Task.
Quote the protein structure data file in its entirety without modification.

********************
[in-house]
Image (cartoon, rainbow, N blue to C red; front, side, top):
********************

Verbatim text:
[in-house]
Image (cartoon, rainbow, N blue to C red; front, side, top):